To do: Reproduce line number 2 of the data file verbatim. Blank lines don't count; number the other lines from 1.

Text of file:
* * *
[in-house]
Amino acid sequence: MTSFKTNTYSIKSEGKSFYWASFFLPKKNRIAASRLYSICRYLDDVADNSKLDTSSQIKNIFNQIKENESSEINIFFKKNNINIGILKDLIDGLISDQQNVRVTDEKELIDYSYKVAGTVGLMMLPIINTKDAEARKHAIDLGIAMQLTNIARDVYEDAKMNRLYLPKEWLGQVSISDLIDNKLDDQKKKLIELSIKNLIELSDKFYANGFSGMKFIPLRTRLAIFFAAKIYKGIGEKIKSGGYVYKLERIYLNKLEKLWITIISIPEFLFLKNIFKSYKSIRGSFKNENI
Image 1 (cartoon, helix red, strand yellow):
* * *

Amino acid sequence: MTSFKTNTYSIKSEGKSFYWASFFLPKKNRIAASRLYSICRYLDDVADNSKLDTSSQIKNIFNQIKENESSEINIFFKKNNINIGILKDLIDGLISDQQNVRVTDEKELIDYSYKVAGTVGLMMLPIINTKDAEARKHAIDLGIAMQLTNIARDVYEDAKMNRLYLPKEWLGQVSISDLIDNKLDDQKKKLIELSIKNLIELSDKFYANGFSGMKFIPLRTRLAIFFAAKIYKGIGEKIKSGGYVYKLERIYLNKLEKLWITIISIPEFLFLKNIFKSYKSIRGSFKNENI